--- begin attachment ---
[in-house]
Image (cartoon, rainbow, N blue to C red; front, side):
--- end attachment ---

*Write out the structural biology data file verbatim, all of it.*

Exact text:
[in-house]
Image (cartoon, rainbow, N blue to C red; front, side):